Cyclosporine For The Treatment Of COVID-19(+)

  • End date
    Nov 23, 2025
  • participants needed
  • sponsor
    Bryan Burt, MD
Updated on 3 November 2021
Accepts healthy volunteers


Phase IIa clinical trial in which 75 non-ICU hospital inpatients will be randomized 2:1 to 7 days of an oral formulation of cyclosporine, Neoral (2.5mg/kg PO BID) + standard of care (SOC) or no Neoral + SOC. The primary endpoint is disease severity based on the World Health Organization (WHO) COVID Ordinal Outcomes Scale, on day 14. Secondary endpoints include safety and changes in serum inflammatory markers.



1.1 Primary Objectives

1.1.1 To assess the effect of a 7-day course of oral cyclosporine Neoral on clinical outcome using the World Health Organization (WHO) COVID Ordinal Clinical Outcomes Scale, on day 14.

1.2 Secondary Objectives

1.2.1 To establish the safety of Neoral in this patient population (adverse events).

1.2.2 To determine the effect of Neoral on serum inflammatory markers (CRP, d-dimer, ferritin, ANC (Absolute Neutrophil Count), absolute lymphocyte count, WBC, PLT (daily while inpatient and including day 14 and 28 for those discharged).

1.2.3 To determine the effect Neoral on viral SARS-CoV2 PCR positivity from baseline (day 0 to -2) before receiving Neoral to day 14, and from baseline to day 28.

1.2.4 To determine the effect of Neoral on survival (days 14 and 28).

1.2.5 To determine the effect of Neoral on disease improvement (alive and free of invasive or non-invasive mechanical ventilation; days 14 and 28).

1.2.6 To determine the effect of Neoral on proportion of those requiring invasive mechanical ventilation.

1.2.7 To determine the effect of Neoral on incidence of deep vein thrombosis.

1.2.8 To determine the effect of Neoral on proportion of patients discharged on day 28.

1.2.9 To determine the effect of Neoral on time to hospital discharge.

1.2.10 To determine the effect of Neoral on disease resolution (alive and discharged home without oxygen; days 14 and 28).


2.1 Study Disease(s)

Severe acute respiratory syndrome coronavirus-2 (SARS-CoV-2) is a novel coronavirus that causes coronavirus disease 2019 (COVID-19). Since initial detection of the virus, more than 10 million cases of COVID-19 have been confirmed worldwide, and COVID-19 is responsible for more than 505,500 deaths. The United States has seen over 2.5 million cases of COVID-19 and 126,000 deaths from this disease (as of June, 30, 2020). SARS-CoV-2 is efficiently transmitted from person-to-person and the World Health Organization (WHO) has declared coronavirus disease 2019 (COVID-19) to be a pandemic.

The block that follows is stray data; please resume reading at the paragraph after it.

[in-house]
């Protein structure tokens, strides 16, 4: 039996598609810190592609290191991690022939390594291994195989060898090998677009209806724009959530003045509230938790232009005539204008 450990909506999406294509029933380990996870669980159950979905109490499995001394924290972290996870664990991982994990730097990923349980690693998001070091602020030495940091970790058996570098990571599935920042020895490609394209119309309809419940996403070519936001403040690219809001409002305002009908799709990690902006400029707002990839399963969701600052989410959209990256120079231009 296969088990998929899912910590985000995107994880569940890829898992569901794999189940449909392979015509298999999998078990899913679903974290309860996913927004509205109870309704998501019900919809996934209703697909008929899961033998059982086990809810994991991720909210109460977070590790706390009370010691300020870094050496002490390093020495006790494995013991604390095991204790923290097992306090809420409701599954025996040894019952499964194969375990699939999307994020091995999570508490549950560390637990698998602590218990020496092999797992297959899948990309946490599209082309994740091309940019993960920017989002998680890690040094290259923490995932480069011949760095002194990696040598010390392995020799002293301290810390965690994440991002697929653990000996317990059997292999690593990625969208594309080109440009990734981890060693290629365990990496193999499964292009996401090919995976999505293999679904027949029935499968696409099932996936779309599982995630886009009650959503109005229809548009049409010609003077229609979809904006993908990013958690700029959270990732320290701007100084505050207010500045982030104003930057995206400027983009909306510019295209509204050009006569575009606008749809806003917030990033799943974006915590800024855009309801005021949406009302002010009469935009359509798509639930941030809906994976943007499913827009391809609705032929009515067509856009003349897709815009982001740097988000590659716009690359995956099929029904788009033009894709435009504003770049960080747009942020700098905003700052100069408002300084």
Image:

COVID-19 primarily spreads through the respiratory tract, by droplets, respiratory secretions, and direct contact. Current data suggest an incubation period of 1-14 days, in most cases 3-7 days. The virus is highly transmissible in humans and causes severe problems especially in the elderly and people with underlying chronic diseases. COVID-19 patients typically present with specific, similar symptoms, such as fever, malaise, and cough. Most adults or children infected with SARS-CoV-2 have presented with mild flu-like symptoms, but a few patients are in critical condition and rapidly develop acute respiratory distress syndrome (ARDS), respiratory failure, multiple organ failure, and death. The case fatality rate increases with the severity of illness and can reach up to 49% in critically ill patients.

Unfortunately, specific and effective therapies for COVID-19 are highly limited. Recent evidence suggest that administration of the anti-viral agent, Remdesivir, to hospital inpatients with COVID-19 decreases time to recovery from 15 to 11 days and decreases mortality at 14 days from 11.9% to 7.1%. A preliminary, unpublished analysis from a large, multicenter, randomized, open-label trial for hospitalized patients in the United Kingdom showed that patients who were randomized to receive dexamethasone had a reduced rate of mortality compared to those who received standard of care. This benefit was observed in patients with severe COVID-19 and was greatest in those who required mechanical ventilation at enrollment (RECOVERY Trial). These 2 agents are considered in the standard of care (SOC) for treating patients with COVID-19. However, additional therapies with larger effect sizes and that are administered at earlier stages to prevent progression to severe COVID-19 are critically needed.

2.1.1 IND (Investigational New Drug) Agent(s)

The PI has filed an IND with cross-reference letter from Novartis and has received a Safe to Proceed determination (IND #152065).The rationale for the proposed starting dose is based on the standard renal transplantation dose, which has a time-honored profile of safety in this population.

2.2 Rationale